Collaboration increases ownership, accountability, and engagement

Transactional leaders assign tasks and goals and expect people to comply. When a leader fails, which is almost always, they are usually left alone and often dismissed. Collaboration leaders, on the other hand, seek out the perspectives of others and have strong communication skills. They are able to make clear decisions and build trust and respect. This allows others to take greater ownership of the project and is more likely to offer assistance when necessary.

Collaborative leadership centres effective delegation

Collaborative leaders are better at understanding the abilities of others and can delegate effectively according to their strengths. They make sure that each person is well-suited for the task at hand and is engaged in the process. They can also trust that their team member will be responsible for the results. This trust allows the leader to focus on the larger picture and not micromanage or interfere in the details of how things are done.

Team leadership takes teams beyond the confines of hierarchical structures

A dominant individual leader, used to leading from the front, works successfully under a project manager who naturally took a lower-profile approach. The language of Belbin Team Rules allowed them to communicate their relationship using behavioural styles. They were not bound to traditional expectations about their relative positions which could have made each of them play against their strengths. It’s not always possible to have a perfect team composition using Team Role terminology. Therefore, it is important to be able to understand the behaviours of others and to use Belbin’s language to help you work with what you have and who you have.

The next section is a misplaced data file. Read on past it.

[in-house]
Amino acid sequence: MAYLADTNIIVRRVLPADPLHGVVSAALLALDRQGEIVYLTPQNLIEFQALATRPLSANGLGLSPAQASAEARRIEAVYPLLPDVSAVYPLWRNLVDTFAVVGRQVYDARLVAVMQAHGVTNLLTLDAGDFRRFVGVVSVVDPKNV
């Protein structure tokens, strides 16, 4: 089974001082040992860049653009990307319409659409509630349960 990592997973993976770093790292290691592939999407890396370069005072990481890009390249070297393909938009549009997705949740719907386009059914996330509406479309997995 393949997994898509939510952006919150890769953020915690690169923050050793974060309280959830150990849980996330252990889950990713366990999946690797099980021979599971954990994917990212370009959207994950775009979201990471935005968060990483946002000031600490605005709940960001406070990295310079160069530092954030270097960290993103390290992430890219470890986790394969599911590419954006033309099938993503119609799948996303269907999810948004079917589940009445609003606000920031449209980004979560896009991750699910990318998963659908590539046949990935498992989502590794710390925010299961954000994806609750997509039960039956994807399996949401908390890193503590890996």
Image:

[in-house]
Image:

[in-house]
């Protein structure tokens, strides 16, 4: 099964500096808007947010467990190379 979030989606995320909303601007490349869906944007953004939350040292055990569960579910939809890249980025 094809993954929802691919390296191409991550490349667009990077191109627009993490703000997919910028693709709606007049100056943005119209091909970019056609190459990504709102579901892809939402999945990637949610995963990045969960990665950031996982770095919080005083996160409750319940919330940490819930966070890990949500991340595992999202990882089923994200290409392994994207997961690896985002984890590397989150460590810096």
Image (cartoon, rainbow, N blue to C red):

Leadership in teams is more future-proof than individual leadership and provides a stronger bulwark against uncertainties

Nearly 97% of the 10 companies surveyed in a study said that the problems they faced were so complex that effective solutions required teams. The world has become more uncertain over the last few years. It is not fair to expect one person to take sole responsibility for directing the course of events.

This is not the expectation for new generations who enter the workforce expecting to have their voices heard. In a society that is based on equality and power-sharing, collaborative leadership is the only viable option. Leaders who give their teams the opportunity to have a say in the selection of talent will be able to create the best-performing teams.

Let it go…

Leaders can find it difficult to give up control when their reputation is at stake. However, this doesn’t mean that leaders have to give up control. Understanding the contribution of each person – even the leader – helps everyone feel valued and connected and assists with the details of allocating work, making decisions, and managing meetings.

No matter what our strengths or how well-honed we are at leadership, we will always need others to fill the gaps. This should be embraced and acknowledged as a source for strength.

Why Belbin?

The Belbin Team Role methodology provides valuable insight into the working of people and helps them make better decisions, no matter what storm they’re facing. Collaborative leadership will be the tool to help you and your team excel.